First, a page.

Ask Yourself in which of these places You want to live, make business or have interest in. If You clearly know that You are going to stay in Hong Kong and visit Chinatowns in the USA, Cantonese is Your thing. If You want to explore Beijing and Shanghai, choose Mandarin. If You already know where to go, use google to assess which dialect is spoken most widely in Your destination. Don’t bother with dialects that are not in the top 3 dialects, unless You have linguistic interest. If Your destination features another dialect than one of the top 3, go for Mandarin.

Taking into account the political situation

What is a Ferrari in the garage worth, if You don’t have the money to buy gas for it? This is basically the question for many Mandarin speakers at the moment, as it is very difficult to visit the Mainland due to recent visa restrictions. I can advise everyone who wants to learn Mandarin Chinese to follow the news on the Chinese visa policy. The Chinese government claimed, they will loosen up the current restrictions after the Olympics, but I do have my doubts. All we can do is, wait for September or October, maybe even November and then hope everything is fine again.

Should the visa policy remain strict, this is a big minus for Mandarin Chinese.

The Effects of English

The English of the average Mainland China person is bad. Only few people can speak it and even fewer speak it well. That being said, if You do go to Mainland China, Mandarin Chinese is a great asset. If You choose to go to Hong Kong, the situation is different. Lower educated people often don’t speak English. Educated Hong Kong locals always have a good grasp of English, often they have been overseas for their studies. In these groups Cantonese is often not necessary. Only if You aim for a leading position in a company Cantonese will be expected. That being said Cantonese is an investment of limited use. However, in Hong Kong, Mandarin is of far lesser use compared to Cantonese. If You stay in Hong Kong for a long time and You do want to learn one kind of Chinese, Cantonese should be Your choice without hesitation.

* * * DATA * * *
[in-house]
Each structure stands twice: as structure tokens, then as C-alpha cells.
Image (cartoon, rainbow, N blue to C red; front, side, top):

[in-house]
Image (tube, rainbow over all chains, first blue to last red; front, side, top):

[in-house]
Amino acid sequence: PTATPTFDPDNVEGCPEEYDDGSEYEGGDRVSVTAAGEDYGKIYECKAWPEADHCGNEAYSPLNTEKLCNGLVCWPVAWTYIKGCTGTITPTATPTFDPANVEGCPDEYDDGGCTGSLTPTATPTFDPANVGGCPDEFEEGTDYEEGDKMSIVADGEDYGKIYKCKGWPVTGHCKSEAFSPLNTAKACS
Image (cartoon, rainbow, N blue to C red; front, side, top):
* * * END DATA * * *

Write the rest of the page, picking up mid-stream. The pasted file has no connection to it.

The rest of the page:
A similar situation is, if You stick to Chinatowns in the USA or South East Asia in general. Mandarin and Cantonese are pretty equal, both choices are of value and none is superior.

Cantonese is difficult

Many Cantonese speaking people tell me, that it is too difficult to learn for a foreigner. I disagree. The biggest obstacle for the interested learner with Cantonese is the lack of proper learning material. The amount of books, online resources and classes for Mandarin is far superior to those for Cantonese. This fact might be the reason why foreigners have a hard time learning Cantonese. The locals of Hong Kong might then conclude their own language is too hard to learn for a foreigner, while in reality it is the learning material that is the major thing that holds the learner back. If You are looking forward to learn Cantonese, set Yourself up with proper Cantonese learning material. You should then be able to perform well with this language.


Which of the 2 important dialects, Mandarin or Cantonese, is better for You mostly depends on where You want to go to. The Chinese government is trying to sell Mandarin Chinese as the basis for other dialects. This might be true, however if Your long term destination is Hong Kong there is no need to bother with Mandarin first. Cantonese speakers tell You that this dialect is too difficult, however this is a prejudice. The main difficulty will be finding quality learning material and depending on Your location finding a course (which is a must for the beginner) might not be possible. Then Mandarin is the only option.